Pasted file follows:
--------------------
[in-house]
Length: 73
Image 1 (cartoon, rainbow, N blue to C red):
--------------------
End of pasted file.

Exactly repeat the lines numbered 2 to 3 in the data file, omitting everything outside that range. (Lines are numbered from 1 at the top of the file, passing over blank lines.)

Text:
Length: 73
Image 1 (cartoon, rainbow, N blue to C red):